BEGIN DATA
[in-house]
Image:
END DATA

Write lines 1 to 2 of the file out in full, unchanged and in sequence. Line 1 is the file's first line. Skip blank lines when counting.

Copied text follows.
[in-house]
Image: